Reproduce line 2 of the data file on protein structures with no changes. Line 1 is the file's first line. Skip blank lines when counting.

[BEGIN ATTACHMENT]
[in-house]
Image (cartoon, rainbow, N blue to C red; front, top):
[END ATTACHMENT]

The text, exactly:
Image (cartoon, rainbow, N blue to C red; front, top):